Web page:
[Make-wifi-fast] bloated ath10k

Bob McMahon bob.mcmahon at broadcom.com
Sun Feb 10 22:03:26 EST 2019

Also, way off topic but the data center switch architects have proposed
something called HULL.


One model of the forwarding plane is that the chip firmware is indeed part
of the forwarding and the spectrum/AP provides the mesh or "switching
fabric."  It's somewhat similar to how data center switches are designed.
 In that context a STA, besides minimizing it's processing delay, may be
able to do the following interesting things:

   1. If RX queues are "full" (or hit the phantom queue depth) set the CE
   bit to signal TCP
   2. If TX queues are "full" and a standing queue (per bloat) is behind
   it, then drop.  If not, then advantage the air access via adaptive EDCA,
   e.g. reduce the AIFS (within the limits of the standards)  An AP might want
   to advertise a somewhat larger AIFS so a STA reducing its for a brief
   period will achieve the arbitration goals.

As a side note, we've done a lot of timing work in iperf 2.0.13 to help
fault isolate latency issues.  It works best if the device realtime clocks
are synchronized, e.g. to a GPS disciplined OCXO using PTP.   We also added
TCP connect times to monitor the 3WHS as well as trip times, timing the
data xfer phase.   Iperf 2.0.13 has been picked up by many distributions.


Thoughts welcomed and appreciated


On Mon, Feb 11, 2019 at 7:48 AM Bob McMahon <bob.mcmahon at broadcom.com>

> Just a reminder with 802.11ax uplink OFDMA that STA A and B transmits can
> be "concurrent."    Also, there are companies working on full duplex per
> self cancellation.  Kumu networks is one
> http://kumunetworks.com/
> Bob
> On Mon, Feb 11, 2019 at 12:30 AM David P. Reed <dpreed at deepplum.com>
> wrote:
>> Side note: between two stations talking through an AP, it's not half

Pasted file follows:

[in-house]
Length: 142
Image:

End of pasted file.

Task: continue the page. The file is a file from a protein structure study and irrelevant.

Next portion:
>> duplex. It's kind-of quarter-duplex. Each packet between STA A and STA B
>> cannot  be concurrent with the subsequent packet from A to B, and both
>> transmissions of a packet from B to A.
>> That actually has a significant effect on "queue depth".  Please don't
>> call it "interference", because no packet corruption happens.
>> This is why merely fixing the queueing discipline in the AP alone doesn't
>> necessarily ameliorate bufferbloat. The queues in the STA's need to be
>> managed, too.
>> You guys know that implicitly, I know I'm not telling you anything you
>> don't know. But this queueing needs to be managed in such a way that the
>> backoff in TCP is signaled. That is, packets need to be dropped or marked.
>> You can't fix this in the forwarding paths alone.
>> -----Original Message-----
>> From: "Jonathan Morton" <chromatix99 at gmail.com>
>> Sent: Sunday, February 10, 2019 7:38am
>> To: "Adrian Popescu" <adriannnpopescu at gmail.com>
>> Cc: make-wifi-fast at lists.bufferbloat.net
>> Subject: Re: [Make-wifi-fast] bloated ath10k
>> > On 10 Feb, 2019, at 2:24 pm, Adrian Popescu <adriannnpopescu at gmail.com>
>> wrote:
>> >
>> > My attempts to use SQM and codel to reduce wifi bloat didn't seem to
>> get me very far. 802.11ac seems more reliable and it seems to be more
>> bloated. ath9k can go as low as 3-5 milliseconds. ath10k is usually in the
>> 20-50 milliseconds range (or more, based on the number of stations). I
>> usually test with a single client as I don't expect latency to improve with
>> more clients.
>> Some things are unavoidable when you move to a shared, half-duplex, noisy
>> medium like wifi versus a switched, full-duplex, error-free medium like
>> Ethernet.
>> If you're getting 20-50ms under load, then I think things are working
>> quite well with wifi. We can wish for better, but not long ago you could be
>> looking at multiple seconds in bad cases. At the levels you're now seeing,
>> ordinary interactive protocols like DNS and HTTP will work reliably and
>> quickly, and even VoIP should be able to cope; you'll likely only really
>> notice a problem with online games.
>> Ath9k has some advantages over ath10k in this area. Its MAC is managed at
>> a lower level by the driver, so we have much more control over it when
>> trying to debloat. I think we still have more control over ath10k than most
>> of the alternatives.
>> If low latency is mission critical, though - just run a wire.
>> - Jonathan Morton
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